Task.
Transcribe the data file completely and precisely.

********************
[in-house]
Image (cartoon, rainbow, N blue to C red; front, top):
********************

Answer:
[in-house]
Image (cartoon, rainbow, N blue to C red; front, top):